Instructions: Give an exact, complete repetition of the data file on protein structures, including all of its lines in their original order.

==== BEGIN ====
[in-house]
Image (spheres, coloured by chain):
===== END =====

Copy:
[in-house]
Image (spheres, coloured by chain):